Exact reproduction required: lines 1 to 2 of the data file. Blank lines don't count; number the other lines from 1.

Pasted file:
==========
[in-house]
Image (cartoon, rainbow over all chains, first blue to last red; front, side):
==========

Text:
[in-house]
Image (cartoon, rainbow over all chains, first blue to last red; front, side):